The constitutional framework of the Sixth Republic, which started in 1987, was based on a constitutional bill that was passed by the National Assembly on October 12, 1987, and subsequently approved by 93 percent of the voters in a national referendum on October 28 (see The Legislature , this ch.). The bill was the product of painstaking negotiation and compromise among the major political parties in the National Assembly, unlike the preceding two constitutions, which were essentially unilaterally drafted by the executive branch and then submitted to referendums under emergency measures or martial law. The 1987 Constitution became effective on February 25, 1988, when Roh Tae Woo was inaugurated as president. The new Constitution, which consisted of a preamble, 130 articles, and supplementary provisions, strengthened the power of the National Assembly and considerably reduced the power of the executive. Its adoption marked only the second time that the government and opposition parties had produced a constitutional amendment bill by consensus in South Korea's modern history--the first occasion, in 1980, was cut short by a military coup d'état--and the first time that such cooperation had been successful. The new fundamental law, the first since 1960 not intended to extend the rule of the incumbent president, provided for direct election of the president, an issue the opposition parties had campaigned for since 1985. It also eliminated or modified a number of provisions that had come under criticism since the yusin (revitalization) constitutional amendment in 1972.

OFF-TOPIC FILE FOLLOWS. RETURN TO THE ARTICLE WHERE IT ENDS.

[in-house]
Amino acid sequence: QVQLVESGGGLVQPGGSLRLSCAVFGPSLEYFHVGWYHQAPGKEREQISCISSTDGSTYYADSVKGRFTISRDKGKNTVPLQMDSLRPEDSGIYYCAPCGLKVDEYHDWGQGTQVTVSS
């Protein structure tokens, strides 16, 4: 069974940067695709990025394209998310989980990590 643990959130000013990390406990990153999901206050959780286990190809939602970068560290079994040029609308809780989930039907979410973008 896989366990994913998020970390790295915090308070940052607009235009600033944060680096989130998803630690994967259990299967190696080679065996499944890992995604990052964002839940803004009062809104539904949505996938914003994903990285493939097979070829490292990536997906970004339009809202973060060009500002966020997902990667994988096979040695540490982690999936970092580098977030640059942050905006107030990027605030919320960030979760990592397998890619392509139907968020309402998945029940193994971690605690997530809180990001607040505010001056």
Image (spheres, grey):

The 1987 Constitution declares South Korea a democratic republic, its territory consisting of "the Korean Peninsula and its adjacent islands." Popular sovereignty is the norm of the state; all public officials are described as servants of the people; and the tenure and political impartiality of these officials are protected by the provisions of law. In language not found in earlier constitutional amendments, the Constitution states that the "Republic of Korea shall seek unification and shall formulate and carry out a policy of peaceful unification based on the principles of freedom and democracy." In another innovation clearly aimed at the past influence of the military on politics and political succession, the Constitution stipulates that "political neutrality shall be maintained" by the armed forces.